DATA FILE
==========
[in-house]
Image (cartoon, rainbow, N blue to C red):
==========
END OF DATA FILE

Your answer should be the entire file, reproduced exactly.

[in-house]
Image (cartoon, rainbow, N blue to C red):